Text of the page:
The driving force behind most markets, certainly over the past few years, has been trader sentiment or expectations about the state of regional and world economic growth prospects. As optimism rises, stocks, commodities, and higher yielding currencies generally rise in price on the assumption of increasing economic activity, demand for commodities, goods, and services, and rising corporate earnings. When economic prospects look gloomier, the opposite happens, and markets fall.

Global stock markets have generally been the leading, clearest indicator of these expectations, with currency and commodity markets usually responding to stock market movements rather than the other way around (with exceptions, of course).

Moreover, given the highly related nature of global stock markets, these markets very often move together, and even more often trend together over time. Thus stock indexes have often been the leading indicator of not only what happens with currencies and commodities, but also of how markets that open later in the day will at least begin their trading, if not follow the same direction.

Note the correlations in the below illustration showing how futures markets for these instruments closed at the end of the trading day GMT (that is, they continue trading in Asia and Europe even after the actual stock markets have closed. The trading day begins in Asia, represented in the upper left by the Japan's Nikkei stock index futures daily chart with July 2nd highlighted. Then Europe opens, here represented below the Nikkei chart by the German Dax 30 stock index futures daily chart. The last major markets of the day are in the Americas, as represented on the bottom left by the S&P 500 stock index futures daily chart. On the top right is crude oil, below which is the AUD/JPY and AUD/USD currency pairs.

Remember that on July 2nd markets waited for the main economic event of the week, US non-farms payrolls report. Uncertain and nervous, traders were taking profits, thus Asia had already closed down, and Europe was also down generally over 2%. The very disappointing NFP results drove the US and Europe down hard.

As the world's largest economy, a recovering US is essential for a global recovery. The World Bank had already downgraded its world economic forecast on June 22 (the prior large decline) but the OECD had issued a more optimistic view based on a more positive view of the US economy's recovery. The poor NFP numbers may have undermined the OECD report. Thus after a month of mixed news, pessimism took over and stocks continued to drop.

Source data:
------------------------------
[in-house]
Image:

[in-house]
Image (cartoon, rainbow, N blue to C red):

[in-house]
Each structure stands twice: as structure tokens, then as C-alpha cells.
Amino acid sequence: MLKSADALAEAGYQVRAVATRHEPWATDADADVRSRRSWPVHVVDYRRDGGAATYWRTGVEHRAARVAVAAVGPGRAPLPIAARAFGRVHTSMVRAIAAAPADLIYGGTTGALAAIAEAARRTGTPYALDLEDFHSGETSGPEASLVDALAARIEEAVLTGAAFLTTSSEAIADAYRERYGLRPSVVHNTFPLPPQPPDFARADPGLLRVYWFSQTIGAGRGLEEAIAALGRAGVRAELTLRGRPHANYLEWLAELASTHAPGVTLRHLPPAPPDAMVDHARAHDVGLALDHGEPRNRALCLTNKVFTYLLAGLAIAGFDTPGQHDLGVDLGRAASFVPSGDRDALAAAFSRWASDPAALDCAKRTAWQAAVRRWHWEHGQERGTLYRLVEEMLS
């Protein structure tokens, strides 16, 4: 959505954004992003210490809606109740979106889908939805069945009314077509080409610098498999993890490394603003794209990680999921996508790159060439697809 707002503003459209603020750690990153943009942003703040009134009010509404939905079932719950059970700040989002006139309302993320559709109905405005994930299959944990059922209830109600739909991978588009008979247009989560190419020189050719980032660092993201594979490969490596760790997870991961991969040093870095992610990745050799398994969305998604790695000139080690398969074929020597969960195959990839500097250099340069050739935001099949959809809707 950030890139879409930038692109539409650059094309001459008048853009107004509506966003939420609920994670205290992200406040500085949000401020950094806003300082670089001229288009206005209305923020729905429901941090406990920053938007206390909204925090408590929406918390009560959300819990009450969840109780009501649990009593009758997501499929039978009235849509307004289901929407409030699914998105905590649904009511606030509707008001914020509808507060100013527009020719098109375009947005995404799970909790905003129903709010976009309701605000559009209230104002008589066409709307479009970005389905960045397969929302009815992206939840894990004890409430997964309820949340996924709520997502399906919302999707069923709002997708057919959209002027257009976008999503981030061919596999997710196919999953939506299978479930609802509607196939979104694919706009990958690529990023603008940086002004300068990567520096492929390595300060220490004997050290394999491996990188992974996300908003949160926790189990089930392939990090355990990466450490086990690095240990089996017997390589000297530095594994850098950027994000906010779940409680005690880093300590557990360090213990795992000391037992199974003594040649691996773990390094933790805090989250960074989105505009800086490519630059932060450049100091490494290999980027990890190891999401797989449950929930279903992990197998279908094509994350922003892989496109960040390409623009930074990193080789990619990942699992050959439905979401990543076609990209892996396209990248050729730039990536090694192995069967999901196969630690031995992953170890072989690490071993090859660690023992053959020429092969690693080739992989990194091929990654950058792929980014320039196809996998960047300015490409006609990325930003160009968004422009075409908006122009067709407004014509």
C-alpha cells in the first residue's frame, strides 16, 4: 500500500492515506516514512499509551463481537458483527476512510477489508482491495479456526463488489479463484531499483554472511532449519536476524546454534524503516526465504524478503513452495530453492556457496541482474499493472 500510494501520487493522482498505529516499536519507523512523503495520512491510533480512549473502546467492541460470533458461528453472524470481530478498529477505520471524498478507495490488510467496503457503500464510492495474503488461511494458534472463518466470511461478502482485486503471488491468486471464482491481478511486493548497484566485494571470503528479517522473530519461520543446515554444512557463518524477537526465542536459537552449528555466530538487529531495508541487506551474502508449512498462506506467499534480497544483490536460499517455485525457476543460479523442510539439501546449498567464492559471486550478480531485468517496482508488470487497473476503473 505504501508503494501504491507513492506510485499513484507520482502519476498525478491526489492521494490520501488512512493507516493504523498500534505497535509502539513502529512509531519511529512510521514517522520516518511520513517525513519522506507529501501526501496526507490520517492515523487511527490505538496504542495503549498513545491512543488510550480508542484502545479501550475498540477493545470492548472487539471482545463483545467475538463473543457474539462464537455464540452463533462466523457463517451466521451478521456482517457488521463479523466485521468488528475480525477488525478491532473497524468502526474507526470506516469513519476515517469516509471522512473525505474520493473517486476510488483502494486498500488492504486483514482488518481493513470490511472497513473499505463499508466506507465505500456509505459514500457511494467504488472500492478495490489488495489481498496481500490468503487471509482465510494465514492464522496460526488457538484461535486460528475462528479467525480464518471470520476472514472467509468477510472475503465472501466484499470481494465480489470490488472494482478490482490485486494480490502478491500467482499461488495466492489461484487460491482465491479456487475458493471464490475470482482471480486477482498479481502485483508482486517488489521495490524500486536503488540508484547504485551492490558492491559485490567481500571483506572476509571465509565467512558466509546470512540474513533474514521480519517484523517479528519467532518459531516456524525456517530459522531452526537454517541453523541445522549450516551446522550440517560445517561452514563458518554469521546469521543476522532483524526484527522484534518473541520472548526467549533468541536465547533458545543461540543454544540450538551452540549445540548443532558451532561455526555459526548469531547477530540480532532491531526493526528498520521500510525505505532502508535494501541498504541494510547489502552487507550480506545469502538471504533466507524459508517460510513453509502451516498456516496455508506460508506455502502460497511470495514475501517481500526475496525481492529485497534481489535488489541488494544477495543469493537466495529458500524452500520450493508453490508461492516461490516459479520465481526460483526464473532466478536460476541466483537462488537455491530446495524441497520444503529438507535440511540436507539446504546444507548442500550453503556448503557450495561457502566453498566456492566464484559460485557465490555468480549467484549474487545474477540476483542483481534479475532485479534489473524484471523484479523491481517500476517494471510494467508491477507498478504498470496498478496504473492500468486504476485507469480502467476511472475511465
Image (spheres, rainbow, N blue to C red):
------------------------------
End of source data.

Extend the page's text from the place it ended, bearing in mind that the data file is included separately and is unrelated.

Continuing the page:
Note how the charts on the right side move roughly in step with the mood as reflected in the stock indexes from July 2nd onward. On the top right is crude oil, one of the most volatile commodities recently. Below are charts of the AUD, considered one of the riskiest currencies, as the base currency, against the USD, then JPY (the safe haven currencies) as the cross currencies.

Note how all have moved together.

Comparison of Daily Stock Index Movements with Representative Commodity and Currency Markets

This synchronization between global stock indexes with commodities and currencies has usually held up over the past few years regarding short term movements. Exceptions do exist. For example, a major long term spike up in crude prices could scare stocks into decline as their costs would rise and consumers would have less to spend after paying for essential energy needs.

Thus stocks and other markets have mostly broken below 4-6 week support, and are now in what seem to be at least near term down trends.

The Next Big Question

Now that the 4-6 week flat trading channels appear to have broken down, the question is how long the current down move will last.

Will the next levels of support hold and form a new, wider horizontal trading range, or are markets headed back to test November or even March lows?


Thus there are trends for trend traders, and horizontal ranges for those preferring that kind of situation. Of course, there is plenty of movement in crude.

As noted before, the next big news will be earnings, especially those from the financial sector, which have been the root of all major sentiment shifts and thus market moves in the past two years. These begin today in earnest, but the bank earnings will be coming next week.

Do we have any hints? None really, however note that the surprisingly positive Q1 bank earnings were leaked early, as Team Washington & Wall Street sought to get the positive feelings out as fast as possible in order to stabilize markets that were at multi-year lows. Would a lack of such leaks before the bank earnings announcements suggest the opposite news is coming?

If so, the recent slide may appear modest indeed.

Disclaimer: Opinions herein stated do not necessarily reflect those of AVAFX.